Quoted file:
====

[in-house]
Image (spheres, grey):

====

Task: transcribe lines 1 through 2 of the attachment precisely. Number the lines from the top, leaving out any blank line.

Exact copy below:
[in-house]
Image (spheres, grey):